Fuck you! You’re supposed to go down with a headshot! That’s what happens in the books and movies!

Murphy retreated back into his house, locking every window and door.

He considered calling up his men for some help. But then he wondered at the reality of all this. Transhuman heroes and villains and other such superpowered humans existed, sure. That was odd enough and society was still getting used to that after 40 years. But the walking dead? Genetic mutations were one thing, but rising from the grave was quite another.

Murphy realized he might very well be losing his mind, and the last thing he needed was to call someone over and discover that they didn’t see any zombies at all. He’d worked too hard to pull ahead of the Italians and those Russian Jews—he was known as The Fixer, after all; now wasn’t the time for anyone in his operation to see him losing it.

He’d hastily sent his wife and three surviving children away for a long trip to Ireland after the first zombie appeared, hoping he’d had things sorted out before they returned, and he was even more grateful that they weren’t here to see him losing his mind.

There was no sleep for Murphy that night, even after he looked down at one point to see the pair of zombies shuffling off toward his back gate and away from the house.

* * *

Kevin and Oliver brought along a third recruit with them the morning of April 22nd, as Murphy gazed out his kitchen window.

Seeing Joe O’Toole along with the other guys made Murphy choke on the smoke of his cigarette and gag up half his breakfast and coffee. When he finally achieve some sort of composure, Murphy slugged down half his cup of brew in one gulp to replace some of the emptied contents of his stomach, as well as to shock himself awake, he hoped. The scalding pain of coffee searing his throat centered him as well.

None of the zombies disappeared, though. They just stood by the side of his house. After a few minutes, they slowly approached the kitchen window, and the Emerald Godfather wondered if he needed to shed his Fixer nickname, because he had no idea how to game this situation or solve the predicament he was in, now that the murder victim among his recently deceased men had joined the other two.

When they got to the window, they pressed their faces against it.

No, Murphy thought, not their faces. Their mouths. They’re giving my window a long three-way oozing kiss from each of their mouths.

Then they backed away to point at him in silent accusation.

Murphy managed to keep his shit together for about a minute before he screamed and then backed into a corner to curl into a ball.

When he got up, they were gone, and he knew what tomorrow would bring, even if he didn’t know the time of the arrival. Heart attack victim Teddy Washbombe—the most recently deceased of his men—would join the other three.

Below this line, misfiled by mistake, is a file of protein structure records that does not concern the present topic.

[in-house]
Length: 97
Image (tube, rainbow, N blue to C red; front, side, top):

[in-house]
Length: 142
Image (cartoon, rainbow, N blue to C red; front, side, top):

* * *

Murphy wasn’t wrong, and the Emerald Godfather watched as the quartet danced an Irish folk jig to the musical accompaniment of crickets in the grass late at night on the 23rd in his backyard. Then the accusing fingers—four of them this time—followed by four jaunty salutes.

The Fixer had no idea whether the synchronized salute was a farewell gesture or one to signify: See you later.

* * *

No more of his men had died recently, so Murphy convinced himself that Easter Day would bring no more zombies to his doorstep. There was no fifth undead thing to add and, after all, hadn’t that been the pattern?

Except my son, but he doesn’t fit the pattern, right? And he’s in a locked crypt.

Or maybe I went a little crazy, he thought, and there were no dead men harassing me. I’ve worked out my problems now. No more seeing dead people. Just a day of missing my absent family on Easter.

He got through the day without hassle, including Easter Mass services with his parents and grandparents and then an early Easter dinner with them and a bunch of aunts, uncles and cousins later in the day. He checked out his clubs that night, and got in a couple blowjobs from two of his hottest ladies at the strip club before he returned home at 10:15 and got ready to call it a night.

Murphy hadn’t been in bed more than 10 minutes before he heard the doorbell ring.

He ignored the incessant sound for another 10 minutes.

Then the phone rang, and he picked it up hesitantly.

“Answer the door, or we come in to drag you out, Fixer,” said a gravelly voice. It didn’t sound like Kevin, Ted, Joe or Oliver. But then again, Murphy didn’t know what a zombie sounded like. Not a goddamn one of them should even have cell phones to call him with.

Mustering all his will, Murphy said solidly—even bravely—“I’ll be down in 15 minutes, when I’ve had a chance to get dressed and splash some water on my face. You fuckin’ try a goddamn thing and I’ll make you wish you’d never crawled outta your graves, any one of you.”

Once he was ready, and packing three pistols—not to mention a sawed-off shotgun inside his trench coat—the Emerald Godfather went to his front door. A quick look through the peephole showed Kevin standing across the street, pointing.

But this time, he wasn’t pointing at Murphy. He was pointing down the street.

Murphy stepped out, looking in the direction of the outstretched arm and saw nothing of interest. So he walked in that direction for a couple minutes until he saw Oliver standing on a corner, undead as could be, pointing down another street.